Nanolaminate foils are a new class of materials under development at LLNL, and are produced by sputtering thin layers of alternating materials. Though each layer is only a few nanometers thick, by depositing thousands of layers we can create foils with thicknesses of 1–100μm. The foils are deposited on a mandrel coated with a parting layer. When released from the mandrel, the foil duplicates its high-quality surface figure. The foils can have very-high ultimate tensile strengths and toughnesses due to their nanostructured nature. Grain growth in these materials is restricted by the thickness of the individual layers, resulting in a material with very small grains. This leads to a high dislocation density and excellent strength and toughness: these foils are strong enough to withstand handling and bonding while being thin and flexible enough to be deformed by electrostatic actuators.5

High-actuator-density deformable mirror

The high-actuator-density mirrors are designed to meet the needs of large terrestrial telescopes (see Figure 1). These mirrors must have around 1000 pixels capable of low-spatial-frequency deformations of 5–10μm, and high-spatial-frequency deformations of 1–3μm, spaced by about 1mm. To accomplish this we are combining nanolaminate mirrors with silicon MEMS actuators produced by Boston Micromachines. The actuators consist of two layers of polysilicon deposited on top of a sacrificial silicon-dioxide layer. The first layer of polysilicon is suspended above the substrate by vias (i.e., vertical supports) through the sacrificial oxide. The devices are actuated by applying a voltage between the silicon actuator and the electrode on the substrate. The second layer of polysilicon is connected to the first by a via and translates the motion to the nanolaminate mirror. MicroAssembly Technologies bonds the nanolaminate foils to the actuators by applying adhesive to the foil and then aligning and the foil and pressing it against the MEMS.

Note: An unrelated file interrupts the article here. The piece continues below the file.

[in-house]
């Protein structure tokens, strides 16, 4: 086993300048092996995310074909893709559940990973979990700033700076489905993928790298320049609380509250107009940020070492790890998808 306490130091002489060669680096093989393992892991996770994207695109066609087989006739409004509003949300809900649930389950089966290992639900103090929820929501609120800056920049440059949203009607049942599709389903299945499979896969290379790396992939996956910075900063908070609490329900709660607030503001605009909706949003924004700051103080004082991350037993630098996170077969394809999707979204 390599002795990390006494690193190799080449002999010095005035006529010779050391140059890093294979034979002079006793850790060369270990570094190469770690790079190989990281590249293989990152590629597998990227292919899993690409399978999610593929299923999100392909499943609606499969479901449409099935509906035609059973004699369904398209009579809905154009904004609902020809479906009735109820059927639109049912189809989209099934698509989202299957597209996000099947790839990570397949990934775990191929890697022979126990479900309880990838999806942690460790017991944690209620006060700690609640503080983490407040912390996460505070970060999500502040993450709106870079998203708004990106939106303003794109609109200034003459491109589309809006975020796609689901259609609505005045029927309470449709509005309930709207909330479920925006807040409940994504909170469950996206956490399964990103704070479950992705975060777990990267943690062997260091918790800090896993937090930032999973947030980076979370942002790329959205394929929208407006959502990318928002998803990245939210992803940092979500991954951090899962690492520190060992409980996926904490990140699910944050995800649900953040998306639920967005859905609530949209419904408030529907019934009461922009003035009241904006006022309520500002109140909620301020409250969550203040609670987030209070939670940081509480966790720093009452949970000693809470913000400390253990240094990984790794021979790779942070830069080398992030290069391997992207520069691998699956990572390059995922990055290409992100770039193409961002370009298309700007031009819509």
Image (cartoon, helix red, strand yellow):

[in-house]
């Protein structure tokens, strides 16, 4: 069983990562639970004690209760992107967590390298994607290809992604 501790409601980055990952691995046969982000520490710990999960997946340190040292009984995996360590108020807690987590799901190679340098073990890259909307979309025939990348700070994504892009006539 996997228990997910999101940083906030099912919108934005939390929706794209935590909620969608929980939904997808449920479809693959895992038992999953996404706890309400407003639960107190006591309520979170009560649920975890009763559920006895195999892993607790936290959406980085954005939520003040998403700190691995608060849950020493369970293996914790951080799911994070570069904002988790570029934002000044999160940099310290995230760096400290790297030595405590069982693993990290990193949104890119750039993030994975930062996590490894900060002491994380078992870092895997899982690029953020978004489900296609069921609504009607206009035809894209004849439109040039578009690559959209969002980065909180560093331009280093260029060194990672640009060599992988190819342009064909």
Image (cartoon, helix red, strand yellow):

Figure 1. A deformable mirror is created by bonding a reflective nanolaminate foil onto a dense array of electrostatic MEMS actuators. BMC: Boston Micromachines Corp.
 
Large low-density deformable mirrors